Delta Flight Attendants’ Rights Trampled by Republican-Controlled Mediation Board
December 12, 2002
Supposedly Independent Board Shows Blatant Partisanship
WASHINGTON, DC –-In a shameful and contradictory decision, the National Mediation Board ignored precedent and the facts, rewrote the rules of company interference and issued a purely political decision to deny Delta Air Lines flight attendants the right to participate in a free and fair union election.
Board member Harry Hoglander stated in a rare dissenting opinion, “In their decision today, the Board majority fails to explain that their decision is a significant departure from Board precedent. In an attempt to justify and accept conduct which unquestionably ‘tainted laboratory conditions,’ the Board majority states they are ‘troubled’ and ‘disturbed’ by Delta’s conduct. The majority’s decision now creates a gray area of legally allowable conduct: that which is ‘troubling,’ but does not constitute interference. I am at a loss to understand this tortured reasoning.”
In October 2001 the Board issued a preliminary finding of a prima facie case of interference by Delta. To reinforce the case, AFA filed hundreds of additional charges of interference made by Delta flight attendants against the company.
The decision handed down today is a 180-degree turn from the Board’s preliminary decision. However, since 2001, political control of the Board has shifted with the appointment of two new Republican members this past summer, to reflect the anti-worker republican agenda championed by the White House.
While the finding of facts in the Delta case clearly warranted a new election, the NMB created a new rule to benefit Delta Air Lines and denied the workers a new election. By deciding to limit the investigation to the one-year period preceding the election, the Board in effect nullified a significant amount of evidence that led to the prima facie finding.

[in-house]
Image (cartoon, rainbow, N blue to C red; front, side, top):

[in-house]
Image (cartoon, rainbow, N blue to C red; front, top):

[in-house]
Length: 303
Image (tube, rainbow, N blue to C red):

“This decision makes it official, corporate America owns and operates Washington, DC,” said the Association of Flight Attendants International President Patricia Friend. “Those in the government who are paid with our tax dollars to protect worker rights, have failed us. It appears this Board lacks any independence whatsoever and is, instead, in lockstep with the White House’s pro-corporation agenda.”
Delta silenced flight attendants’ voices through a campaign of fear and intimidation that was wholly un-American. Most reprehensibly, the airline used the fear and uncertainty that came after the September 11 terrorist attacks to label union supporters as anti-Delta and un-American.
Delta touts its ‘family atmosphere’ and promise that it puts ‘employees first’ in the media. But Delta hasn’t been delivering on its promises. Management has laid off workers, changed the terms of voluntary furloughs after the furloughs had taken place, failed to hold recalls in seniority order, changed the pension plan to a cash-balance plan, which will mean significantly reduced pensions for thousands of Delta flight attendants, closed flight attendant bases and developed a plan for a low-cost airline where flight attendants could be forced to work longer hours for less pay -- all without input from their non-union workers.
Without a union, the Delta flight attendants have no voice in the future of their airline or the rapid changes that are taking place across the airline industry. With the potential for significantly more layoffs as the industry continues to struggle, and the real possibility of management imposed pay cuts, Delta flight attendants need a voice more than ever.
With close to 20,000 flight attendants involved, the Delta vote was the largest private-sector union election in more than 30 years. Delta is the only major U.S. air carrier whose flight attendants do not have union representation.
Almost 50,000 flight attendants at 26 carriers have joined together to form AFA, the largest flight attendant union in the world. Visit us @ www.afanet.org.